GOAL denies wrongdoing over audit documents
OVERSEAS aid agency GOAL claims it has provided valid explanations to government auditors about why it failed to produce documents requested by them.
It came following reports yesterday that the agency had withheld the minutes of board meetings, copies of agendas for meetings and information on board and management planning.
It was also alleged that an internal review of security after the kidnapping of two staff in Sudan in 2009 was withheld from Irish Aid auditors by the charity.
However, GOAL -- which is headed by John O'Shea -- yesterday denied it was involved in any wrongdoing.
"GOAL co-operates fully with its external auditors and has a strong track record of compliance and cost effectiveness over the last 35 years," it said.
A report by the Department of Foreign Affairs multi-annual funding scheme for Irish non-government organisations demonstrated that GOAL had fulfilled its requirements, the statement said. "Any documentation requested by Irish Aid was submitted and referenced in the final evaluation report," it added.
And it said that in the case of the absence of any documents, GOAL had "provided a clear rationale" to auditors.
The report, which looked at how the charity spent €14m of state funding, is yet to be published, but last night a spokeswoman for Irish Aid confirmed that it had been completed.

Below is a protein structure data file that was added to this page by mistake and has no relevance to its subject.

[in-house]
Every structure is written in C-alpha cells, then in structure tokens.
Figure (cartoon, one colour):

It is understood that the report found that the agency was largely well-run and praised its staff.
Last December, it emerged that two directors of the charity resigned their positions, with one of them citing corporate governance issues.
Chairman Ken Fogarty (55) resigned in November and Fran Rooney (55) announced he was also quitting. Both men were on the board of GOAL for just three months.
Mr Fogarty cited corporate governance issues at GOAL for his leaving, Mr Rooney said. Mr Fogarty said that he still had "every confidence" in the board.
GOAL was criticised for its handling of the Sharon Commins kidnapping in Sudan more than two years ago, and the role played by Mr O'Shea.
Ms Commins spent 107 days in captivity in 2009, after she and her colleague Hilda Kawuki were abducted while working for GOAL in Darfur.
She criticised the agency following her release, claiming that it failed in its duty to protect its staff.
However, Mr O'Shea defended the charity, saying he felt that he did not have responsibility for the security of all of his staff.